“Epstein Errors”–Crawford & Lackey–Budget Albatross Until 2018


The “Epstein Errors” will be a drag on the Sox budget until 2017 and the worst years will be 2012 through 2014, when the Lackey and Crawford salaries are both due.

In sum, from 2012 through 2014, the combined salaries will drain off a full 20% of the total Boston budget of $173 million; then, once Lackey is off the dole, things get better with Crawford taking 11-12% of the Red Sox Penny-Pinch Piñata.

[Worksheet provided for MIT students and Number Nuts at the bottom.]

In a recent interview with WEEI’s Alex Speier, former Boston GM Theo Epstein essentially admitted that the FA largesse in his last two years created this budget drain, which was caused by a deviation from the team’s “baseball philosophy.”

Had we been completely true to our baseball philosophy that we set out and believed in and followed, we probably wouldn’t have made certain moves that we made anyway, moves that, as I look back on them, they were probably moves too much of convenience, of placating elements that shouldn’t have been important…Those were my mistakes, and because of that the last couple of years weren’t as successful as the previous seven or so.”

In Cowboy English: We wanted to build a team nucleus from home-grown players and only spend a small amount on FAs, as needed to supplement that [inexpensive] core, but, we overspent on FAs, during the last two years. [READ: Lackey and Crawford]

Despite these two potentially disastrous FA contracts, Epstein gives himself an A- for his tenure as Red Sox GM and is optimistic that the team will overcome this budget albatross and succeed in years to come.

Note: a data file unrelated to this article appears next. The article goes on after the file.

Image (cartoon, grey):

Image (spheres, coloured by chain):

“I think an objective look at the 10 years we had there showed some things that are not really up for dispute,” said Epstein. I think we did a great job drafting, great job developing players, we did a nice job in trades, we did a pretty nice job on buy-low free agents, and then we had a very spotty track record with higher profile free agents. That’s just the fact of it.

“The organization’s actually in really good long-term shape. With all those pluses and minuses factored in, I don’t think it’s a surprise to see what you get. The farm system, the young players coming on the roster, those who have been part of the core and are wrapped up on longer deals, thats a product of 10 years of being far from perfect but doing a pretty good job in scouting and player development.

Some of the bigger names that have underperformed are a product of missing on big-name free agents. It is what it is. People will interpret that however they want, but I think there’s a lot to be proud of, all the people who were involved over the last decade, to take a step back and look at what we accomplished.”[http://bleacherreport.com/tb/d7KYx?utm_source=newsletter&utm_medium=newsletter&utm_campaign=mlb]

Think: better in 2015 and much better in 2018.

Top Three in MLB in 2012:

198 million [Yanks]
175 million [Phillies]
173 million [Red Sox]
[rounded off totals]

2012 15,250,000
2013 15,250,000
2014 $15,250,000
2015 *$500,000$500k Vesting Option

2012 19,500,000
2013 20,000,000
2014 20,250,000
2015 20,250,000
2016 20,750,000
2017 21,000,000
2018 FA

Lackey and Crawford

2012 15,250,000 + 19,500,000 = 34,750,000 = 20% of total budget
2013 15,250,000 + 20,000,000 = 35,250,000 = 20% of total budget
2014 15,250,000 + 20,250,000 = 35,500,000 = 21% of total budget


2015 20,250,000 = 11.7% of total budget
2016 20,750,000 = 11.9% of total budget
2016 20,750,000 = 11.9% of total budget
2017 21,000,000 = 12.1% of total budget
[NOTE: percentages are based on the assumption that the current budget ($173,000) will vary very little from 2012 to 2017.]

[NOTE: Send any math errors directly to Mr. Nash’s personal Japanese attorney: fokayu_sosumi@yahoo.com]